Language Contact, Colonial Administration, and the Construction of Identity in Ancient Israel

Constructing the Context for Contact

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Author: Samuel L. Boyd
In Language Contact, Colonial Administration, and the Construction of Identity in Ancient Israel, Boyd addresses a long-standing critical issue in biblical scholarship: how does the production of the Bible relate to its larger historical, linguistic, and cultural settings in the ancient Near East? Using theoretical advances in the study of language contact, he examines in detail the sociolinguistic landscape during the Assyrian, Babylonian, and Achaemenid periods. Boyd then places the language and literature of Ezekiel and Isaiah in this sociolinguistic landscape. Language Contact, Colonial Administration, and the Construction of Identity in Ancient Israel offers the first book-length incorporation of language contact theory with data from the Bible. As a result, it allows for a reexamination of the nature of contact between biblical authors and a series of Mesopotamian empires beginning with Assyria.

The Harvard Semitic Monographs series publishes volumes from the Harvard Museum of the Ancient Near East. Other series offered by Brill that publish volumes from the Museum include Harvard Semitic Studies and Studies in the Archaeology and History of the Levant, https://hmane.harvard.edu/publications.

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Samuel L. Boyd, Ph.D. (Chicago, 2014) is assistant professor at the University of Colorado Boulder. He has published articles relating to source criticism, Semitic philology, and the reception history of biblical texts.
Contents
Preface/Acknowledgements
Abbreviations of Biblical Books and Other Ancient Sources
Abbreviations for Linguistic Glosses and Terms
Abbreviations Used in Citations and Bibliography

1 Introduction and Scope of the Project
 1.1 Contact, Colonization, and the Bible
 1.2 The Comparative Method, Language Contact, and Biblical Studies: an Overview
 1.3 The Comparative Method and the Search for the Scribe
 1.4 Contact in the Hebrew Bible: Linguistic Approaches
 1.5 Scope and Purpose of This Book

2 Contact Linguistics: Methodological Introduction and Sociolinguistic Considerations
 2.1 Introduction to Contact Linguistics
 2.2 The Study of Language Contact in Its Initial Phases: Coming to Grips with History, Culture, and Power
 2.3 Brief History of Contact Linguistics as a Field of Study in Modern Times
 2.4 Major Types of Contact and Debates in the Field
 2.5 Can Language Contact Theory Be Applied to Ancient Languages?
 2.6 Conclusion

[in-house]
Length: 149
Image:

3 Setting the Sociohistorical Context: the Akkadian-Aramaic Situation
 3.1 Historical Background for Contact
 3.2 Scribes and Corroborating Evidence for Aramaic/Akkadian Contact
 3.3 Assyrian Colonial Policy and the Role of Local Vernaculars
 3.4 Bukhan and Sefire, VTE and D
 3.5 Legal Texts, Genre, and Limits of Contact
 3.6 Texts and Translations
 3.7 Conclusion

4 Linguistic Evidences of Language Contact between Aramaic and Akkadian and Their Implications
 4.1 A Linguistic Definition of Aramaic
 4.2 Akkadian and Aramaic Contact: the Linguistic Data
 4.3 Lexical and Structural Contact-Induced Changes
 4.4 The Linguistic Processes of Akkadian/Aramaic Contact
 4.5 Conclusion

5 Language Contact and the Book of Ezekiel
 5.1 Historical Background and the Study of the Book of Ezekiel
 5.2 Ezekiel’s Access to Mesopotamian Literature
 5.3 Lexemes in Ezekiel
 5.4 Structural Evidence of Contact
 5.5 Conclusion

6 Language Contact and the Book of Isaiah
 6.1 The Critical Study of Isaiah
 6.2 Isa 2:10, 19, and 21, Contact-Induced Change, and Diachronic Approaches
 6.3 Isaiah 13:4
 6.4 Loans and Literary Layers in Isaiah
 6.5 Isaiah’s Oracles against the Nations, Dialectal Representation, and Language Contact
 6.6 Second Isaiah, Navigating Empire and Language, and Structural Change in Biblical Hebrew
 6.7 Conclusion

7 Contact, Translation, and the Formation of the Bible
 7.1 Contact and History
 7.2 Politics and Colonialism in Language, Literature, and History
 7.3 Hybridity, Resistance, and Language Contact: How Language Change Helps Map the Navigation of Identity
 7.4 The Legacy of Structuralism
 7.5 Scribalism, Orality, and Contact
 7.6 Language Contact and the Study of the Hebrew Bible
Bibliography
The readership of the volume includes biblical scholars, Assyriologists, Aramaicists, linguists, and historians of the ancient Near East. Specialists and advanced graduate students will benefit from reading it.